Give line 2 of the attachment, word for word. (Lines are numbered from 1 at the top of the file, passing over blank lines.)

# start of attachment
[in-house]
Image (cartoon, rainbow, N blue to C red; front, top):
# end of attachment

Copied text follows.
Image (cartoon, rainbow, N blue to C red; front, top):